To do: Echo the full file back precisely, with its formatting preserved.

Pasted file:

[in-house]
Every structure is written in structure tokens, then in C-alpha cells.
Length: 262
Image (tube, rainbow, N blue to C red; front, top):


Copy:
[in-house]
Every structure is written in structure tokens, then in C-alpha cells.
Length: 262
Image (tube, rainbow, N blue to C red; front, top):